Carrie was one of the first wave of movies about high school experience. There are only three adult characters in the cast. Think of Carrie as the female Lord of the Flies– the first film to really make the argument that girls could be just as nasty, vicious, and psychopathic as boys, both as a social group and individually. Carrie is an innovation in being a film that’s naturalistic about teenagers, their lives, and their priorities. Teenage movies are focused upon social position and status, more so than films with adult casts. And Carrie depicts a different kind of horror- the horror of social violence and social death. Has there ever been a humiliation more complete, elaborate, and drastic as the one that Carrie White experiences just prior to the climax of the film?

That combination of anxieties is what makes Carrie a classic.

The Antagonist: Piper Laurie’s performance is one of the all time greatest female villains. There’s a way in which we might not have gotten the character of the Evil Church Lady if it hadn’t been for Piper Laurie’s Margaret White. She works because she’s an anti-feminine woman- a mother who is against motherhood, one who openly speaking about sacrificing her child to God, and who ultimately attempts to murder her daughter for the crime of becoming a woman.

How does this film compare to others like it? It’s a central, iconic film, which has become the measuring rod for other horror films of a similar subject matter.

What works in this film? One of the reasons that De Palma is a master director is that he can juggle related genres to achieve the right cumulative effect. In Carrie, De Palma was working in a field where there were no established conventions, and so he masterfully plays a kind of genre jiu-jitsu upon the audience. Carrie pivots from the music and cinematography of bad after school specials to cheesy exploitation teen sex comedies to horror. If you were to somehow watch Carrie with no context for the film, you wouldn’t be sure what kind of a film you were watching. You might expect a revenge comedy, or a tender Lifetime channel moment about the cruelty of school bullying. Most directors have one cinematic style that they use for a movie- in Carrie, De Palma uses three different styles masterfully. The total effect builds to keep the audience completely unready for what is going to happen next.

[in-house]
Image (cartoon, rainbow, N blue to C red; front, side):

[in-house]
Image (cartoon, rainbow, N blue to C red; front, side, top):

What fails in this film? This film succeeds by doing something that is hard to imitate effectively, and that is the off-kilter genre bouncing. There are points where the juxtapositions are incredibly powerful- the transfer from soft-core porn shower shots to Carries traumatic first period (which sets off the events of the plot). And there are just as many points where the same abrupt transitions undercut the work. There’s much in this film that is incredibly dated as an artifact of the 1970s- the costumes, the music, the soft-focus shots. The same things which made it perfectly connect to 1976 audiences also serve to distance a modern audience from enjoying the film.

John Travolta’s first starring role as Billy Nolan, the boyfriend of antagonist Chris (alpha bitch and arch-tormentor of Carrie) is a dud. You don’t believe that he’s interested in any of the female characters for an instant. He doesn’t bring any presence to his character. Even in his first film, John Travolta comes off as a pretty face there to collect a paycheck.

Your enjoyment of the film will vary depending on how much you can relate to Carrie as a sympathetic monster. Her ordeal of abuse and retaliation is the heart of the story. And as others have pointed out, Carrie’s motivations and reactions aren’t that well-grounded. There’s not enough transition from her pariah status at the outset of the film to her downfall. That’s a limitation of budget and film length. And it’s a measure of how good a film is, more then you find yourself wishing that there was a longer version with more scenes.

Lessons on How Not to Die: This is one of the great anti-bullying films. It was the first film to really argue that bullying wasn’t just something that happened to boys, and that bullying was an endemic problem, and that bullying was not OK. It didn’t win the argument, it hasn’t changed minds, but it did open that conversation within our society.

Conclusion: Success can be the bane of horror; in becoming iconic, the monster is removed from the mystery, becomes quantified, categorized, tamed. The myth of Carrie has become so pervasive, so utterly saturated through our culture as to be diluted. This is the film that put Brian de Palma and Stephen King on the map, and with good reason.